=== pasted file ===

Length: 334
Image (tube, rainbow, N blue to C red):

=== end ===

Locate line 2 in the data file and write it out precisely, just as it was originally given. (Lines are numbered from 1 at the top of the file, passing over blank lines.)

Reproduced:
Image (tube, rainbow, N blue to C red):